She pointed out that with the coming of Christ, mankind learned that all human beings have the same dignity, and this truth forms the basis “for all human rights, by which nations and leaders are judged.

“Until that time no one had held this principle, and Christian tradition is based upon it.”

The world changed after Christ, Scaraffia continued, and knowing the God who transcends nature, “made it possible for the peoples of Europe to discover the world and for scientists to begin the experimental study of nature, which led to the birth of modern science.”

“Why deny, then, civilization’s cultural debt to Christianity? There is nothing more anti-historical and senseless, as Jews and Muslims have clearly understood. It’s a matter of reason, not of faith.”

Tuesday, October 4, 2011

Saint Francis of Assisi

Saint Francis of Assisi (born Giovanni Francesco di Bernardone; 1181/1182 – October 3, 1226) was an Italian Catholic friar and preacher. He founded the men's Franciscan Order, the women’s Order of St. Clare, and the lay Third Order of Saint Francis. St. Francis is one of the most venerated religious figures in history.

Francis was the son of a wealthy cloth merchant in Assisi, and he lived the high-spirited life typical of a wealthy young man, even fighting as a soldier for Assisi. While going off to war in 1204, Francis had a vision that directed him back to Assisi, where he lost his taste for his worldly life. On a pilgrimage to Rome, Francis begged with the beggars at St. Peter's. The experience moved him to live in poverty. Francis returned home, began preaching on the streets, and soon amassed a following. His order was endorsed by Pope Innocent III in 1210. He then founded the Order of Poor Clares, which was an enclosed order for women, as well as the Third Order of Brothers and Sisters of Penance. In 1219, he went to Egypt where crusaders were besieging Damietta, hoping to find martyrdom at the hands of the Muslims. By this point, the Franciscan Order had grown to such an extent that its primitive organizational structure was no longer sufficient. He returned to Italy to organize the order. Once his organization was endorsed by the Pope, he withdrew increasingly from external affairs. In 1223, Francis arranged for the first Christmas manger scene. In 1224, he received the stigmata, making him the first person to bear the wounds of Christ's Passion. He died in 1226 while singing Psalm 141.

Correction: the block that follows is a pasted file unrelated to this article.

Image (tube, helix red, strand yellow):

On July 16, 1228, he was pronounced a saint by Pope Gregory IX. He is known as the patron saint of animals, the environment and one of the two patrons of Italy (with Catherine of Siena), his feast day is on 4 October.

Lord, make me an instrument of your peace.
Where there is hatred, let me sow love;
where there is injury,pardon;
where there is doubt, faith;
where there is despair, hope;
where there is darkness, light;
and where there is sadness, joy.

O Divine Master, grant that I may not so much seek
to be consoled as to console;
to be understood as to understand;
to be loved as to love.
For it is in giving that we receive;
it is in pardoning that we are pardoned;
and it is in dying that we are born to eternal life. Amen